I haven’t been good about sharing sketches regularly so here’s one of some street performers I saw a few months ago breakdancing over at Westlake.
In her last appearance she seemed to have taken an interest in Brian. Now, not wanting to judge anyone’s taste in men, she seems to have made quite a bit of progress in her own comic. Whether or not this carries over to the Rhapsodies verse and Brian takes a break from his Kate based myopia with a woman who’s a little less…. shy remains to be seen. otherwise enjoy.
(Quick Note. While the links from these images are safe for work, the rest of the strip is… iffy. Tread carefully.)
The Seattle Art Museum has recently announced that it was going to remove it’s iconic (some would say notorious) display of exploding cars from the museum lobby.
So the obvious question is what will take it’s place. It occurs to me that something more suited for the Seattle psyche would be more appropriate.
This week;s selection was World War II Comedies. Doing their best to mix humor with the horrors of war.
The first film of my selection, Kelly’s Heroes, Is a brilliant mixture of comedy, action and caper as a platoon of soldiers go awol into enemy lines to steal 16 million dollars worth of gold bullion.
This was a fantastic film with a tight script with some of the best character actors at the top of their games… oh yes and Clint Eastwood was in it too.
I have a hard time telling what I liked about this film best.. Despite it’s great humor it’s hard to call this a comedy since they do all of the war bits dead straight. But the balance is done wonderfully done and any time things get too serious we switch over to clueless jingoistic officers led by Carroll O’Connor who have no idea what is going on in the field sincerely believing that any setbacks are due to soldiers lacking team spirit.
This film is definitely my favorite Telly Savalas performance as he plays the curmudgeonly Seargent Big Joe who is against the whole thing but came along to keep everyone else from getting killed. Donald Sutherland comes in a close second as the spaced out but brilliant tank commander Oddball.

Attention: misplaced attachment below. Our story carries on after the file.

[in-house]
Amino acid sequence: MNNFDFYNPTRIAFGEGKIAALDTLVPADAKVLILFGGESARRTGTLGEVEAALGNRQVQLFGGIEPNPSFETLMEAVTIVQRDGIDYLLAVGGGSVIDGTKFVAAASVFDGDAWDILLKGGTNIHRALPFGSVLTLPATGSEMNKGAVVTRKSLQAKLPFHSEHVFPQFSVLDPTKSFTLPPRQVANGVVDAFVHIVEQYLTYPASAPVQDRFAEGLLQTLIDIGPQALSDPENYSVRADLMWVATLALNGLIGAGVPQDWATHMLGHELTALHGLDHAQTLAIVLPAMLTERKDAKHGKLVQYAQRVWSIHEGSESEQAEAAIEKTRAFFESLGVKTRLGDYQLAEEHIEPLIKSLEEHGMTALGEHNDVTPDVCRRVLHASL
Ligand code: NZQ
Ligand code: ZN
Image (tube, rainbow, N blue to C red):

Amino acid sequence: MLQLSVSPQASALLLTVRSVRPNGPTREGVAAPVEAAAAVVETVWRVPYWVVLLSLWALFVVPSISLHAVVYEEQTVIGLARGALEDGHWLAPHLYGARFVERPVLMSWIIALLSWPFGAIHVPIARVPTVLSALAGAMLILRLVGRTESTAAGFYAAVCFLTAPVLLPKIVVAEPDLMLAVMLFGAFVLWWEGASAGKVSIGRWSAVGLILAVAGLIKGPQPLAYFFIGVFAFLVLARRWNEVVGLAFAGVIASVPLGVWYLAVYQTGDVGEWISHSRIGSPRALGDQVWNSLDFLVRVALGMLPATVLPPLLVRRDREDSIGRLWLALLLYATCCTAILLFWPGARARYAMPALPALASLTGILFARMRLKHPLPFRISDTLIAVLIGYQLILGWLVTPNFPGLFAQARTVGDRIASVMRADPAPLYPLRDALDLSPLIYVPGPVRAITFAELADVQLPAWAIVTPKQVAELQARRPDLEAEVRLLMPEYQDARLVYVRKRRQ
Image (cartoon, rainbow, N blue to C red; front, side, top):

The second film on my list Operation Petticoat by Blake Edwards starring Cary Grant and Tony Curtis tells the story of the crew of the Sea Tiger and it’s maiden voyage. Things start badly when it is sunk before even leaving port by a surprise raid. Now it has to limp to the closest ship yard for proper repairs. On it’s way it picks up five nurses who were stranded on an island and from there things get interesting.
While perfectly entertaining this film really didn’t do it for me that much. The battle of the sexes bits which the film focussed on were predictable and for the most part it was mostly a bunch of silly scenes linked together with a shoestring plot.
Not to say the silly bits were bad. I especially like the scenes whenever Tony Curtis’s character used some less than legal methods to get the necessary supplies to keep the Sea Tiger afloat… and the comedy of errors that lead to it being painted a bright pink are definitely worth the price of admission.
Thought I’d share my Dune entry for January (on a side note there’s a great article about it in this month’s Art of America (unfortunately it’s print only))
This is called Junkyard Buddha. I kind of based it on the story of Buddha’s sermon in the Deer Park.
I’m not sure if I’m implying this is a post apocalyptic setting or not.